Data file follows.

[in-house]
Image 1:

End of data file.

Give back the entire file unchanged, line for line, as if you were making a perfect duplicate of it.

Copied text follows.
[in-house]
Image 1: